Europe

Quake-hit Italian town files complaint over cartoon satire

FILE - In this Wednesday, Aug. 24, 2016 file photo, an aerial photo shows the damaged buildings in the town of Amatrice, central Italy, after an earthquake. The Italian town of Amatrice, hardest hit by an earthquake last month, has filed Monday, Sept. 12, 2016, a criminal complaint denouncing French satirical weekly Charlie Hebdo for a cartoon depicting victims in layers of lasagna. (AP Photo/Gregorio Borgia, File)

FILE - In this Wednesday, Aug. 24, 2016 file photo, an aerial photo shows the damaged buildings in the town of Amatrice, central Italy, after an earthquake. The Italian town of Amatrice, hardest hit by an earthquake last month, has filed Monday, Sept. 12, 2016, a criminal complaint denouncing French satirical weekly Charlie Hebdo for a cartoon depicting victims in layers of lasagna. (AP Photo/Gregorio Borgia, File)  (The Associated Press)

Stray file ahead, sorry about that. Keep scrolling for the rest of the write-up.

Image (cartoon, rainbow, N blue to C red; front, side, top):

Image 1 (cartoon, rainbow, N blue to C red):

The Italian town hardest hit by last month's earthquake has filed a criminal defamation complaint denouncing French satirical weekly Charlie Hebdo for a cartoon depicting victims in layers of lasagna.

Amatrice lawyer Mario Cicchetti told The Associated Press he lodged the complaint about the "macabre" cartoons on Monday in Rieti, the provincial capital.

Charlie Hebdo published two cartoons about Amatrice, a hill town where most of the 295 people killed in the Aug. 24 quake lived and which is known for a famous pasta dish.

One showed arms and legs protruding from between layers of lasagna. The other, depicting rubble, was captioned: "It's not Charlie Hebdo that built your homes. It's the Mafia."

Prosecutors will decide whether the defamation complaint has merit.

They're already investigating why so many buildings collapsed.